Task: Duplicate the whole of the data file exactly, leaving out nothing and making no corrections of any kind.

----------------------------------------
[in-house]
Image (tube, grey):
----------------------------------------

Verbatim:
[in-house]
Image (tube, grey):